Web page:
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Clinical trial suggests safety of unpreserved levofloxacin


Intracameral injection of cefuroxime, moxifloxacin decrease risk of endophthalmitis

A clinical trial suggests that intracameral unpreserved levofloxacin 0.5% is a viable option for prophylaxis of endophthalmitis after cataract surgery.

Reviewed by Harvey S. Uy, MD

Results of a prospective, double-masked, randomly selected comparative trial suggest that intracameral unpreserved levofloxacin 0.5% (Oftaquix, Santen) is a viable option for prophylaxis of endophthalmitis after cataract surgery, said Harvey S. Uy, MD.

The study included 114 eyes that received intracameral injection of unpreserved levofloxacin 0.5 mg/0.1 mL or unpreserved moxifloxacin 0.5 mg/0.1 mL (Vigamox, Alcon Laboratories) after uncomplicated cataract surgery with IOL implantation.

There were no statistically significant differences between study groups in the outcomes analyses that considered various safety endpoints, said Dr. Uy, clinical associate professor of ophthalmology, University of the Philippines, and medical director, Peregrine Eye and Laser Institute in Makati, Philippines.

“There is growing evidence that intracameral injection of cefuroxime and moxifloxacin decrease the risk of endophthalmitis after cataract surgery,” he said. “The use of these antibiotics may be limited in certain situations, and so there is a need for alternatives that may be more widely accessible.”

Dr. Uy noted that while the study was not powered to show a difference in efficacy between moxifloxacin and levofloxacin for preventing endophthalmitis, “the results indicate that the two fluoroquinolones are equally safe when used as antibacterial prophylaxis after cataract surgery.”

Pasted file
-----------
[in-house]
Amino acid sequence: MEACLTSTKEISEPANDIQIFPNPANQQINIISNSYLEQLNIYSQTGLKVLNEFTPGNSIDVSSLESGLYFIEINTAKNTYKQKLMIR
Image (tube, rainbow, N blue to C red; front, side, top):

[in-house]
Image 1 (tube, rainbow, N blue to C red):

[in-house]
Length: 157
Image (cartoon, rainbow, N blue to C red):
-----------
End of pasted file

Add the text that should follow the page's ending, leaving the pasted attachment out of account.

RELATED: Novel artificial cornea option to transplantPatients were randomly selected 1:1 into two groups. In each case, the antibiotic was withdrawn in the operating room from the commercially available multidose bottle containing product marketed for topical ophthalmic use.

Postoperatively, patients received the same medication regimen, which consisted of topical prednisolone acetate 1% and topical gatifloxacin.

They returned for follow-up after one day, seven days, and 30 days. Researchers used coherence tomography imaging to measure central subfield retinal thickness and macular volume, specular microscopy to measure endothelial cell density, and pachymetry to measure central corneal thickness prior to surgery and at postoperative visits. Changes from baseline at each follow-up visit were compared between the groups.

The patients receiving moxifloxacin and levofloxacin were well-matched in their baseline age and clinical characteristics, including cataract density. There were no statistically significant differences between the study groups in any of the outcome measures at any timepoint after surgery.

“There were also no significant adverse events in either study group, and no patient developed endophthalmitis or toxic anterior segment syndrome,” Dr. Uy noted. “Corneal edema was the most common adverse event and occurred similarly in both groups.”

Vancomycin has also been injected intracamerally to prevent endophthalmitis, Dr. Uy concluded. Reports of hemorrhagic occlusive retinal vasculitis limit the use of vancomycin for infection prophylaxis.

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Harvey S. Uy, MD
E: harveyuy@yahoo.com
This article was adapted from Dr. Uy’s presentation at the 2019 meeting of the American Society of Cataract and Refractive Surgery. Santen provided research funding for the study. Dr. Uy has no other relevant financial interests to disclose.

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